Even estimating WBGT at high resolution doesn’t tell the full story about the risks of extreme heat to human health. Factors like access to cooling, ability to shift outdoor work hours to avoid heat, cardiac health, age, and clothing all affect the experience of heat — and all vary by socioeconomic status — so the same WBGT value will be experienced differently by different people. Fully characterizing these risks remains an active area of work at the intersection of climate science and public health.
We hope this explainer revealed some of the complexity in modeling extreme heat, and how choices around datasets and analyses matter. As this kind of data increasingly becomes the basis for decisions — which could impact millions of people’s lives and trillions of dollars — we need full transparency to enable public accountability. Alongside the dataset itself, we hope this work provides an example for how to model climate impacts in the open.
Thanks to Drew Shindell, Matthew Huber, Luke Parsons, Joe Hamman, Zeke Hausfather, Robert Rohde, Jared Rennie, Shruti Nath, Tord Kjellstrom, Shouro Dasgupta, and Benjamin Zaitchik for providing informal review and feedback on the methods used to approximate wet-bulb globe temperatures. Thanks to Joshua Batson for figure suggestions. Thanks to Cascade Tuholske and Pete Peterson for providing access to the gridded fields from Tuholske et al. (2021). Thanks to Qinqin Kong and Matthew Huber for providing access to data from Kong and Huber (2022) for validation. Climate scenarios used were from the NEX-GDDP-CMIP6 dataset, prepared by the Climate Analytics Group and NASA Ames Research Center using the NASA Earth Exchange and distributed by the NASA Center for Climate Simulation (NCCS).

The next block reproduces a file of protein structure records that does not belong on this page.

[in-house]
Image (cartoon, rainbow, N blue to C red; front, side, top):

Oriana led the research and implemented the analysis, which was also shaped by Washington Post climate journalist Niko Kommenda and colleagues. Oriana and Jeremy together developed the methods, reviewed and analyzed the data, designed the figures, and wrote this article.
Please cite this web article as:
O Chegwidden & J Freeman (2023) “Modeling extreme heat in a changing climate” CarbonPlan https://carbonplan.org/research/modeling-extreme-heat
xarray, and linearly interpolated to “gap fill” the additional days. This gap-filling was performed after spatial aggregation.